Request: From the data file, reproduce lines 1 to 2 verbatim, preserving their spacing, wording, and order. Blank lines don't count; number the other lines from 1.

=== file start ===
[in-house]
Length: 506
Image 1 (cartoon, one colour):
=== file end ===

[in-house]
Length: 506